I live in a wealthy town. A VERY wealthy town. Not gonna lie about that fact since it’s easy enough for all of you to find. I live in a town where all children are exceptional, will be Varsity athletes and have a perfect grade point average. My little hamlet has kids scheduled every minute and their helicopter parents help them with their science projects because they are tired from 7pm basketball practice. Yes, I live in the “perfect” town.
As you all know, because I data dump here weekly, I have a child with learning disabilities. I also have an amazing tutor to help all three of my children because I am NOT a teacher. I am their mother. My sister is a teacher, an exceptional teacher. I am well aware I will NEVER be a teacher, but I am a pretty good Mom so I have a tutor. It’s one of the best things I have done as a parent, hands down. Our tutor, who my kids adore and I would be lost without, is a very sage woman. She’s a grandmother. She works in the school system. She has seen it all. This past year she shared an article about the current problem in parenting, Perfect Parenting. Take a read HERE. Basically this article indicates that by being the “Perfect Parent”, doing it all for our kids, they don’t know how to handle adversity. Guess what happens when you don’t let your kids fail and fall? They end up in therapy because their life is “Perfect”. I kid you not. This article was written by a Mom and therapist and her current patients are in her chair because they are unsatisfied with their perfect husbands/wives, jobs, homes and lives.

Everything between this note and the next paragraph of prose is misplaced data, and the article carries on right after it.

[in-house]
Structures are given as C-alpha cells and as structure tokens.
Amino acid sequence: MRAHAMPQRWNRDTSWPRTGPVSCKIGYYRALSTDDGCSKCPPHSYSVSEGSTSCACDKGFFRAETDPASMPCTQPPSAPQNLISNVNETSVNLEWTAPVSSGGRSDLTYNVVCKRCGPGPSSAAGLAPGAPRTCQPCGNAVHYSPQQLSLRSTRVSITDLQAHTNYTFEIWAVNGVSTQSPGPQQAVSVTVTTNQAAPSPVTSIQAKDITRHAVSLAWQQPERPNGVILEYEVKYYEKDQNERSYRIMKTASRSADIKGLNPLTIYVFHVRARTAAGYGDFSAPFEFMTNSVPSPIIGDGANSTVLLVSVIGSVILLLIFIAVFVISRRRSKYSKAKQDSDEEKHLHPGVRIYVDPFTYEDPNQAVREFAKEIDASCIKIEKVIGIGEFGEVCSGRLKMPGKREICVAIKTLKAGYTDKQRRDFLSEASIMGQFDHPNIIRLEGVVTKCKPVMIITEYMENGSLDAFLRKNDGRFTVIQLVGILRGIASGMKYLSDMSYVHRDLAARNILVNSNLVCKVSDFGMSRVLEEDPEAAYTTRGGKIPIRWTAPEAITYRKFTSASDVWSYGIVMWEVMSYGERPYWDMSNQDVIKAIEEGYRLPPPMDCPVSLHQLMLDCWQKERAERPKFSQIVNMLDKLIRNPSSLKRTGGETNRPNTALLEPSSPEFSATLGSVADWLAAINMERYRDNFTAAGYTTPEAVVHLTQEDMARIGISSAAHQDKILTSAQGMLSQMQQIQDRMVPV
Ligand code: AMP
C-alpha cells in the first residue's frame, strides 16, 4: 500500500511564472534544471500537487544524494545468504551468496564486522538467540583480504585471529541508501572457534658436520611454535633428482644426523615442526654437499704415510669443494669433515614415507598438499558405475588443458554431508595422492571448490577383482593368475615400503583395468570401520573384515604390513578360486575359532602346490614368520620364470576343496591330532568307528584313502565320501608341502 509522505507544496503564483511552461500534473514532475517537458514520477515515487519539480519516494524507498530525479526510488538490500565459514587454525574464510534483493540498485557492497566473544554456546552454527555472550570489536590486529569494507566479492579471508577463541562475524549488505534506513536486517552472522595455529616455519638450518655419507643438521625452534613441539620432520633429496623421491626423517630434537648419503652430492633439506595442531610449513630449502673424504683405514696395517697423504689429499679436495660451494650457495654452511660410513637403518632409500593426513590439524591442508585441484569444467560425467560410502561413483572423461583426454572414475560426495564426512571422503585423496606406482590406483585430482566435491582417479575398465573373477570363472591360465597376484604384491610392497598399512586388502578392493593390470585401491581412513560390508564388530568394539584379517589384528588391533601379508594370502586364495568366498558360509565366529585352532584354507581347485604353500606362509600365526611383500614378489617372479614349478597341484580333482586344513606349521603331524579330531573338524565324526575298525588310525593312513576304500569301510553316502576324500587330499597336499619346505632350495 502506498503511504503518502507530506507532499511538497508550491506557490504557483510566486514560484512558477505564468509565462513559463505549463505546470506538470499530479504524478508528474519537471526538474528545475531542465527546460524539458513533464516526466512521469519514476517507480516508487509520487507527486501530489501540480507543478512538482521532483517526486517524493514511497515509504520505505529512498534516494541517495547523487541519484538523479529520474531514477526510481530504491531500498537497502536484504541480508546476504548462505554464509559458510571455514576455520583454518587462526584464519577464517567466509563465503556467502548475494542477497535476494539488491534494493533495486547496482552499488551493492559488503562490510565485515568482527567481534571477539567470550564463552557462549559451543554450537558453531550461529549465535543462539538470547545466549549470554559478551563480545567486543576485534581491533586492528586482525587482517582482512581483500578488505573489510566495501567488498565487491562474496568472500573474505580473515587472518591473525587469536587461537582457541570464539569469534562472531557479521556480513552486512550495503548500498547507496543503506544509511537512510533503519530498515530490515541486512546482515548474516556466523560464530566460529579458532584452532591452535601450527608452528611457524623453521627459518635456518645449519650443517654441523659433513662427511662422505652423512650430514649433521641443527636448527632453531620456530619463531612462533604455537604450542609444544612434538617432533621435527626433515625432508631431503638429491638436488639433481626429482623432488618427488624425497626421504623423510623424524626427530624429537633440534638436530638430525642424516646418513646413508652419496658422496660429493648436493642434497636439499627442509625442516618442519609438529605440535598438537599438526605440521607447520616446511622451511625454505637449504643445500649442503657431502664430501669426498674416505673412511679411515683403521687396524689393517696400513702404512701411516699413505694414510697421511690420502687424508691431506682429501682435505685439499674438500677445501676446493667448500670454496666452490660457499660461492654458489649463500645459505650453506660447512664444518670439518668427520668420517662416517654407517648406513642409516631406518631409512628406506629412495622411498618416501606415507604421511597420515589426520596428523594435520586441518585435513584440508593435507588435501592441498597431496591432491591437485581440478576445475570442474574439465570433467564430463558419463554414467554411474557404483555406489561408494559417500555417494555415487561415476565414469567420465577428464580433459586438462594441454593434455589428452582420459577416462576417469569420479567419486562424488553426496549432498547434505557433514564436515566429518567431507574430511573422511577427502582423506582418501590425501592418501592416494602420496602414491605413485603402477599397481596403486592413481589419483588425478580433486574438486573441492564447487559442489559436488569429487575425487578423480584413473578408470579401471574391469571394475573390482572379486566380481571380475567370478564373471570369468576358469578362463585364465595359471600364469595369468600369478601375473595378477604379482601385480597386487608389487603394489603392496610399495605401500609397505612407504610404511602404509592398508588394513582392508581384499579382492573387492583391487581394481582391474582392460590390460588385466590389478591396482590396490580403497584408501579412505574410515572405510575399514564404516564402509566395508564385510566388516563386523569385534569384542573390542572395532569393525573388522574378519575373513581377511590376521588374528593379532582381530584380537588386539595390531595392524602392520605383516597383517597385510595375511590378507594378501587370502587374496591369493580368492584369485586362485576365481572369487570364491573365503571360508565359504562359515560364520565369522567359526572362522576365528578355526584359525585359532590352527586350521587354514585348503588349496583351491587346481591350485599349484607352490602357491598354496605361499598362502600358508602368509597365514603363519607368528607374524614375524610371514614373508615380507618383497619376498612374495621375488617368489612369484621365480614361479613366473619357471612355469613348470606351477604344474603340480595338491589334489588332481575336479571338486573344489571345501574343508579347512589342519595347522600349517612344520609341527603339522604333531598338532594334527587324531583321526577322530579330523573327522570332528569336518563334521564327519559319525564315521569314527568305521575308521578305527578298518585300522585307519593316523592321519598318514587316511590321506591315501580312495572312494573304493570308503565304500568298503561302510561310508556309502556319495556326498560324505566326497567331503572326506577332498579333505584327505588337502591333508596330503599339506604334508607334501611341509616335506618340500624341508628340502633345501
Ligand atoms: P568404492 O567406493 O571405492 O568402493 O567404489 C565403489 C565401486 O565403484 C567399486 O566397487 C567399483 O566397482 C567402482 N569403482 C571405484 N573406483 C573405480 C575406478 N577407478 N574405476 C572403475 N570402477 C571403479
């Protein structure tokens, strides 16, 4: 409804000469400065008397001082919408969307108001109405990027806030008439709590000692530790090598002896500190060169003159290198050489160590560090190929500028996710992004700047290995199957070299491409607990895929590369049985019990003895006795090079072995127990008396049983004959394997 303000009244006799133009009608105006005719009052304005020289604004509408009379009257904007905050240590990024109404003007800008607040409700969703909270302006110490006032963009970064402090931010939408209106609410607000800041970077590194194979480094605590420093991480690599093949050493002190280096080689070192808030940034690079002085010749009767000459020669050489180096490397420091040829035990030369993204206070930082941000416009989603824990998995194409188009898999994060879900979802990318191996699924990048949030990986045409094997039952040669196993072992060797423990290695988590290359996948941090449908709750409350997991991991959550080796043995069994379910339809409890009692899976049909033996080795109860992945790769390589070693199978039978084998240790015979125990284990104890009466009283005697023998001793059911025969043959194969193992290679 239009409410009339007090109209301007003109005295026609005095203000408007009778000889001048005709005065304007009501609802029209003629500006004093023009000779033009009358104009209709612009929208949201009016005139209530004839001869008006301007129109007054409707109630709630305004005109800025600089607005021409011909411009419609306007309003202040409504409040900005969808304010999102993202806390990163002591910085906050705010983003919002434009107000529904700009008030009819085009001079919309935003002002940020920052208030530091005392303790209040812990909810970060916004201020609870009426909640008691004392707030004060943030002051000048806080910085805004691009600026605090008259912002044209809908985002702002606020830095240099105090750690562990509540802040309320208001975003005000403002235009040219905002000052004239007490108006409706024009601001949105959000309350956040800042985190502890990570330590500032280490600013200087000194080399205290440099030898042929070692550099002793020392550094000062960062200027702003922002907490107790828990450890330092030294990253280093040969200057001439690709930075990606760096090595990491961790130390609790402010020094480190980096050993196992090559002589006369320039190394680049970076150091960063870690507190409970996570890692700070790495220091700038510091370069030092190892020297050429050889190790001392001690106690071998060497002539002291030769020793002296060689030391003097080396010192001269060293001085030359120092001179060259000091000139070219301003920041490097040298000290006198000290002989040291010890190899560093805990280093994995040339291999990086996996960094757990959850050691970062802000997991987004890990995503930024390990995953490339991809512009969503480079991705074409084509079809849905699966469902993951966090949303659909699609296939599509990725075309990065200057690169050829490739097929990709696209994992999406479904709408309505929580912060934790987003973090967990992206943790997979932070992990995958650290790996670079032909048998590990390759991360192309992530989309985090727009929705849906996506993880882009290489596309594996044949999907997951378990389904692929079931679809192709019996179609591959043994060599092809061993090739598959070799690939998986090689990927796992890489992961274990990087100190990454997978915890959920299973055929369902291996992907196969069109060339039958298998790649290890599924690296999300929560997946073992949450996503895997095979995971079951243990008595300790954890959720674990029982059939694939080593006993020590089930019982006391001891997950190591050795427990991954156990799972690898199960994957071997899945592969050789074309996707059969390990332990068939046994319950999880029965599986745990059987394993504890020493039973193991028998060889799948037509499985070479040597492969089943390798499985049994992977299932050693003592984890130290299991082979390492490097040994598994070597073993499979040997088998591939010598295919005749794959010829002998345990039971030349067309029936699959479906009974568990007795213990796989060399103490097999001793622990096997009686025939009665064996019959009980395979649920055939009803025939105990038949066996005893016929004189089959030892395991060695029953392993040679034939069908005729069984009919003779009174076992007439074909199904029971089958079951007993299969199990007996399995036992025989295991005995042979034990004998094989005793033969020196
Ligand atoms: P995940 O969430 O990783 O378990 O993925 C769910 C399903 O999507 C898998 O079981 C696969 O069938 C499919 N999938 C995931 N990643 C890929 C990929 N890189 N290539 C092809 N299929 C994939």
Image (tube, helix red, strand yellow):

That darn tutor is a sly one. She knows me very well, she loves my kids and I wasn’t doing them any favors. So beginning this year I backed off as the homework Nazi. They still have a tutor twice a week (and by “they” it’s mostly my oldest) but I don’t sit with them every night anymore. I don’t harass them anymore about finishing their homework or making it “perfect”. It was their turn to fall and figure this crap out. I stepped back and guess what, those three little urchins have figured it out. They have also failed and realized if you don’t do the work you will fall on your face. They are learning the concept of consequences. It has not been pretty, there have been tears and those kids are unhappy too but it was the right thing to do.
I am not perfect. I still have the “kids in therapy” jar which I deposit a quarter each time I swear like a trucker. They will have plenty of coin for therapy later. Hopefully, I will ruin them in the normal ways like being an embarrassment or being tough. I can deal with being that kind of Mom, but I don’t want to be the “perfect parent” anymore. Instead I want to create kids who will pick themselves back up when things get hard, know how to work through failure, take responsibility for their actions and learn in the process.